Taste: concentrated saltiness
Texture: fine grained
Use it for: brining. If a brine recipe calls for kosher salt, use less, as pickling salt is saltier
Fleur de sel
What it is: my favorite salt! When the sun and wind are just right, the salt blooms like a flower on the surface of coastal ponds off the coast of Brittany, France, where it’s collected by hand
Taste: delicate mineral
Texture: crystalline and a little moist
Use it for: finishing special dishes (it’s not cheap). With it’s delicate flavor, this salt shines best when sprinkled over simply flavored foods like sliced heirloom tomatoes or corn on the cob.
Forget the calendar. I know that summer has arrived when I eat my first truly ripe and fragrant peach. There are hundreds of varieties of peaches. The cling peaches, which have a pit that needs surgical tools to remove, actually hit their stride in July. But the peaches most of us know and love, the ones we throw on the grill and turn into peach cobbler, are the freestone peaches. And August is the time to shine for these sweet gems.
Peaches come in a wide spectrum of colors. You can find them with skins that are pinkish white to reddish yellow and flesh in hues of blushing pink to deep gold. A bushel of peaches looks like a late summer sunset. I love it. While beautiful to look at, the best part of a peach is its flavor. Sweet and juicy, peaches are versatile enough to fit into any part of your meal. Add wedges to a green salad, pair them with a soft creamy cheese, brush with butter and grill for a powerful, slightly smoky side dish or eat, just as it is, for dessert.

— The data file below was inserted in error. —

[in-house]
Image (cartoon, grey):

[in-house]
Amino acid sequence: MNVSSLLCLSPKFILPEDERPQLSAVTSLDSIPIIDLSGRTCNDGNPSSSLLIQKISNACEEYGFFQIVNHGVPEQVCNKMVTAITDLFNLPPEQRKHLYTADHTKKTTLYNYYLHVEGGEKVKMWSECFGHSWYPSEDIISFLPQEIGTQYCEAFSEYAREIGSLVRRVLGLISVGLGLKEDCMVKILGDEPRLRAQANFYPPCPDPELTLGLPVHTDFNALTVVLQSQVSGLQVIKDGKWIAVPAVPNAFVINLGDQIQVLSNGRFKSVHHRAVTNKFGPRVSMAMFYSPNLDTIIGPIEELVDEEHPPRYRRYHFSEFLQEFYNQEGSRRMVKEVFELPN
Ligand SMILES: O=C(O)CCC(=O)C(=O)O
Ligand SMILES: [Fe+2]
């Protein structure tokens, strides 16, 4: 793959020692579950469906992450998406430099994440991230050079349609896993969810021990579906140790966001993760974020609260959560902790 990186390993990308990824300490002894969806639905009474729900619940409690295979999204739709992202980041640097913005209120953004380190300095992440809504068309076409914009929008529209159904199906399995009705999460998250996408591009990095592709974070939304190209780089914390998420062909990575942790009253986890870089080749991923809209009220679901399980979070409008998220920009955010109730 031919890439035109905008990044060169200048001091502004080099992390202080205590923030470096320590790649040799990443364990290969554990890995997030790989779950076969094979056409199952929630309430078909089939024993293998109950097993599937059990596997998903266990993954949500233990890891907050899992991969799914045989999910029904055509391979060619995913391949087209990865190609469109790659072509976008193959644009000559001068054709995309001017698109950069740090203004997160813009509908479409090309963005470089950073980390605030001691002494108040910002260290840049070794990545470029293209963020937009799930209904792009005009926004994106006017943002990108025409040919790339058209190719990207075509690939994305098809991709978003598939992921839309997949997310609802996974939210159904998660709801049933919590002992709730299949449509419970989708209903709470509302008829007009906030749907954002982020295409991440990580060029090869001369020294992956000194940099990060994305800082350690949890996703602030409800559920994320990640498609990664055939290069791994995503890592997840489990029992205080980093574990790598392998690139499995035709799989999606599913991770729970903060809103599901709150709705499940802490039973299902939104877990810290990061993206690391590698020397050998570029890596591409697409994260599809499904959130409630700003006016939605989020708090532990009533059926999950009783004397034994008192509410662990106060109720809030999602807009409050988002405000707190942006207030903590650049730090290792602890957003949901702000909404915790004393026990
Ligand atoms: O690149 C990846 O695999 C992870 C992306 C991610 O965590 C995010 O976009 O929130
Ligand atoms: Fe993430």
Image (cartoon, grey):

When choosing peaches look for ones that give just slightly when you squeeze them. Peaches are easy bruisers, so be gentle. Peaches will last longer if you keep them in a plastic bag in your fridge, but the flavor pops more at room temperature, so I like to put them in a bowl on the kitchen table. If you decide to store them in the fridge, be sure to let them sit for 20-30 minutes on the counter before digging in.
Beware that the peach skin can become tough when you use the fruit in cobbler or compotes or jams. To remove it easily, drop the peach into boiling water for 30 seconds or so. Use tongs to turn them in the water a few times. Lift the peaches out of the boiling water and into an ice bath. The skin should slip right off the flesh with your fingers.